To further define the type of the N-glycans of the intracellular fraction of β1 subunit, MDCK cells were incubated with inhibitors of N-glycan processing such as swainsonine and deoxymannojirimycin that preserve the hybrid type or high-mannose type of N-glycans, respectively (Figure 1A). The electrophoretic mobility of the immature form of the β1 subunit in the control cells is similar to the mobility of the β1 subunit in deoxymannojirimycin-treated cells but greater than that in swainsoninetreated cells (Figure 1B, left and central panels), showing that N-glycans of the immature form are actually high-mannose but not hybrid type. Similarly, expressed YFP-β1 and YFP-β2 contain mature and immature forms. Experiments with deoxymannojirimycin showed that N-glycans of the immature forms of YFP-β1 and YFP-β2 are also of the high-mannose type (Supporting Information Figure 2).
High-mannose-type N-glycans are added to glycoproteins cotranslationally in the ER. Although processing of N-glycans starts immediately after their covalent linkage to the asparagines of N-glycosylation sites, all N-glycans preserve the high-mannose structure while they reside in the ER. Only after export of the β subunit to the Golgi are the high-mannose N-glycans transformed to hybrid- and complex-type glycans due to the action of Golgi-located mannosidases and glycosyltransferases (Figure 1A). Since the immature forms of the β subunits are high-mannose but not hybrid type, they must reside in the ER.
Therefore, the relative content of the high-mannose form of the β subunit in whole cell lysates quantitatively reflects the fraction of the β subunits present in the ER. Similarly, the relative content of the high-mannose form of the β subunit in the α1-coprecipitated fractions reflects the ER-located portion of the α1-assembled β subunits prior to their export to the Golgi.
Expression of YFP-linked rat β1 subunit decreases the amount of the complex-type endogenous β1 subunit in the whole cell lysate by 52%, without a significant change in the amount of the α1 subunit (Figure 2A,B). The amount of the complex-type endogenous β1 subunit is also decreased with expression of YFP-β2 and YFP-linked dog β1 subunit by 47% and 61%, respectively (Figure 2A,B), but not with expression of the P/G mutant of YFP-β2 that does not interact with the α1 subunit (see below, Figure 5).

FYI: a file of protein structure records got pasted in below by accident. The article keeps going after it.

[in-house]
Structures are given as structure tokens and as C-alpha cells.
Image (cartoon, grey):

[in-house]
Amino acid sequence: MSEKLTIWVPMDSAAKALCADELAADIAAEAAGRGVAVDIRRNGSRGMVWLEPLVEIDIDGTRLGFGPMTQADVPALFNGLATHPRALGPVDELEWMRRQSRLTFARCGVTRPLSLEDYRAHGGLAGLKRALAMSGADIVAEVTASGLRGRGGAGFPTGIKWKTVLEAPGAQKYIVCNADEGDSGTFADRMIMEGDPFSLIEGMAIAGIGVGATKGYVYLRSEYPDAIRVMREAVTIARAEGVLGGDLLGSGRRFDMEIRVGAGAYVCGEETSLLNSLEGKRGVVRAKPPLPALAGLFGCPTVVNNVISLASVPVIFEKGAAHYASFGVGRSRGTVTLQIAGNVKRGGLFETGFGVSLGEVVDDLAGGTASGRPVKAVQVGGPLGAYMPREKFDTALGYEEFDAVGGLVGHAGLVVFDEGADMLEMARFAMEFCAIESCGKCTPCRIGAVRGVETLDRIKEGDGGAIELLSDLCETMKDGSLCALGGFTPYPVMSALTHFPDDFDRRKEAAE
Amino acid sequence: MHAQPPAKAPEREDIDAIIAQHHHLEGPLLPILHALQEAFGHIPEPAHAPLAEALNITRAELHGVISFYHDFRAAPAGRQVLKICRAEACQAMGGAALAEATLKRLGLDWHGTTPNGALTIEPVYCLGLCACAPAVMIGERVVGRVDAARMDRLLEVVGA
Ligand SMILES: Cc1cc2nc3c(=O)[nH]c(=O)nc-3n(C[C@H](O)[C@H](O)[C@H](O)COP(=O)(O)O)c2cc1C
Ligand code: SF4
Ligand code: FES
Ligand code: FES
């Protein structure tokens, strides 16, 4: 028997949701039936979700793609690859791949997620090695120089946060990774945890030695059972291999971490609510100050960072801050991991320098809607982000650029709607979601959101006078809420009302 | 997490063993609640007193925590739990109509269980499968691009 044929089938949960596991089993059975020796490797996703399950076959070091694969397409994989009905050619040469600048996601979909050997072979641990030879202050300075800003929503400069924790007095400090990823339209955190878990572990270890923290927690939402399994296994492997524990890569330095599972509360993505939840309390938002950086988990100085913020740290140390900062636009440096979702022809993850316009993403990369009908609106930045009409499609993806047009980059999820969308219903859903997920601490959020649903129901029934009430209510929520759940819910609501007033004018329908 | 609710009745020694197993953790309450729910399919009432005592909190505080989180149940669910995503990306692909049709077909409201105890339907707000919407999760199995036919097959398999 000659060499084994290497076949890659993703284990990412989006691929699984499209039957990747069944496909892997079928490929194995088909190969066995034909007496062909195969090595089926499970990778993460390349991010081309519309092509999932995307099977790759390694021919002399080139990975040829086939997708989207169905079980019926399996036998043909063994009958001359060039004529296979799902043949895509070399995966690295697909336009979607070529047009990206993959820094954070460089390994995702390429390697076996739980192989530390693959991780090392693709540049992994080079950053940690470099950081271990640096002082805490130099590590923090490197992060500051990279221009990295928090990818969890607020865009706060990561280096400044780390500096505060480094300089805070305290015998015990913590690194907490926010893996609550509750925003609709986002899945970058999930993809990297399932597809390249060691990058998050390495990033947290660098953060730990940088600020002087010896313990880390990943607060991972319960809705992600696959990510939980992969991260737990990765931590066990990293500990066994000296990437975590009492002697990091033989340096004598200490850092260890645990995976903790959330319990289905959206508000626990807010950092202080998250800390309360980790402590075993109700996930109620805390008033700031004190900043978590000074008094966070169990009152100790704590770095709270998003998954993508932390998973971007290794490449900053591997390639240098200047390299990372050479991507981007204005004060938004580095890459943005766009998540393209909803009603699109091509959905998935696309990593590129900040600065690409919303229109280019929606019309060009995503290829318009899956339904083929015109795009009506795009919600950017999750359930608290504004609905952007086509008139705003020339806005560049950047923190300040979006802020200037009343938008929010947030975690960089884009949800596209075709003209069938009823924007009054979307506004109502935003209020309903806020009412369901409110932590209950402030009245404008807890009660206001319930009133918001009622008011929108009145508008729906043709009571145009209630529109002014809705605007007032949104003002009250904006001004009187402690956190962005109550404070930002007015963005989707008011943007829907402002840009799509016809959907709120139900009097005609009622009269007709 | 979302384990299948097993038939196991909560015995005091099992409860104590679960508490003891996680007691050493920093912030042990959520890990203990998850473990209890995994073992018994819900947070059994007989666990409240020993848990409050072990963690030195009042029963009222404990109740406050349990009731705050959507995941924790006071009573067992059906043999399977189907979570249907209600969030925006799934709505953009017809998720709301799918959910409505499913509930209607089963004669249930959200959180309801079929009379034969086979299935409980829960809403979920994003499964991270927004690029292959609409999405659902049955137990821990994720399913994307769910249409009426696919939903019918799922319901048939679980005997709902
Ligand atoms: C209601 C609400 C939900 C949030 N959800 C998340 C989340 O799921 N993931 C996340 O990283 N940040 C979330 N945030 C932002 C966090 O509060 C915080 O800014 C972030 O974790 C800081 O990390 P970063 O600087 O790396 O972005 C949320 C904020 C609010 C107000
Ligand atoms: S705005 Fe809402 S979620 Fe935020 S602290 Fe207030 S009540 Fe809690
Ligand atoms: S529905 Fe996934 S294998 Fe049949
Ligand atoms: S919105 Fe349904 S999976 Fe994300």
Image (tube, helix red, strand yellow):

Quantitative PCR shows no significant difference in the amount of mRNA of the endogenous α1 or β1 subunit in nontransfected and YFP-β1-transfected cells (Supporting Information Figure 3), indicating that the decrease of the amount of the endogenous β1 subunit in the YFP-β1-expressing cell line is not due to decreased transcription of the gene encoding the β1 subunit. Also, there is no change in the amount of the ER-located high-mannose endogenous β1 subunits in the whole cell lysate (Figure 2A,C), showing that translation of the β1 subunit is not inhibited by expression of exogenous β subunits. The total amount of the ER-located β subunits (endogenous and expressed) is increased in all transfected cells (Figure 2C), consistent with the increase in the total message for the β1 subunit (endogenous and expressed) due to transfection.
The amount of the α1 subunit is similar in nontransfected and transfected cells (Figure 2B). The decrease in the complex-type endogenous β1 subunit is compensated for by expression of the exogenous β subunits, so that the total amount of the complex-type β subunits (endogenous and expressed) is not significantly different from the amount of the complex-type endogenous β1 subunit in nontransfected cells (Figure 2B). Therefore, the ratio between the total amount of complex-type β subunits and the α1 subunit is not altered by expression of exogenous β subunits.
To determine whether the exogenous β subunits replace the endogenous β1 subunit in α–β heterodimers, we examined the amount of the α1-bound endogenous and exogenous β1 subunits in nontransfected and YFP-β1-expressing cells. Immunoprecipitation of the α1 subunit in nontransfected MDCK cells results in coprecipitation of the endogenous β1 subunit. In YFP-β1-expressing cells, immunoprecipitation of the α1 subunit coprecipitates both endogenous β1 subunits and the added YFP-β1 subunits (Figure 3A, right panel), indicating that the α1 subunit associates not only with the endogenous β1 subunit but also with the expressed YFP-β1 subunit.
The α1-coprecipitated fractions of the β1 subunit and YFP-β1 contain both complex-type and high-mannose forms (Figure 3A, right panel). The amount of the complex-type endogenous β1 subunits bound to α1 subunits is decreased by 48% in YFP-β1-expressing cells as compared to nontransfected cells (Figure 3A, right panel, and Figure 3B). A similar decrease in the ratio between the complex-type endogenous β1 subunits and the α1 subunits is observed in the whole cell lysate and in the basolateral membrane (Figure 3A,B), suggesting that all complex-type β1 subunits are bound to the α1 subunits in nontransfected and transfected cells.